Care at home can be appropriate for people who cannot travel easily but who require less care, such as those who can transfer from bed to a chair or from a chair to a toilet. However, family members or friends must be willing to participate in the rehabilitation process. Providing rehabilitation at home with the help of family members is highly desirable, but it can be physically and emotionally taxing for all involved. Sometimes a visiting physical therapist or occupational therapist can help with home care.

Many nursing homes have less intensive rehabilitation programs than rehabilitation centers. Less intensive programs are better suited to people less able to tolerate therapy, such as frail or older people.

Goals

The rehabilitation team or therapist sets both short-term and long-term goals for each problem. For example, a person with a hand injury may have restricted range of motion and weakness. The short-term goals may be to increase the range of motion by a certain amount and to increase grip strength by so many pounds. The long-term goal may be to play the piano again. Short-term goals are set to provide an immediate, achievable target. Long-term goals are set to help people understand what they can expect from rehabilitation and where they can expect to be in several months. People are encouraged to achieve each short-term goal, and the team closely monitors the progress. The goals may be changed if people become unwilling or unable (financially or otherwise) to continue or if they progress more slowly or quickly than expected.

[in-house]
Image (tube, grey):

In many situations, the goals are to help people walk again and to enable them to do the daily activities they need to do (such as dressing, grooming, bathing, feeding themselves, cooking, and shopping).

Regardless of the severity of the disability or the skill of the rehabilitation team, the final outcome of rehabilitation depends on the person's motivation. Some people delay recovery to gain attention from family members or friends.

Spotlight On Aging

Disorders that require rehabilitation (such as stroke, heart attacks, hip fracture, and limb amputation) are common among older people. However, older people may have characteristics that make rehabilitation challenging:

  • They may be physically inactive.

  • Their muscles (including the heart muscle) may be weak.

  • They may lack endurance.

  • They may be depressed or have dementia.

  • They may have problems with balance, coordination, or agility.

  • Their joints may be stiff.

Nonetheless, age alone is not a reason to postpone or deny rehabilitation.

Older people may recover more slowly. Consequently, programs designed specifically for older people are preferable. Older people often have different goals, require less intensive rehabilitation, and need different types of care than do younger people. When older people are in programs designed for them, they are less likely to compare their progress with that of younger people and to become discouraged.

NOTE: This is the Consumer Version. DOCTORS: Click here for the Professional Version
Click here for the Professional Version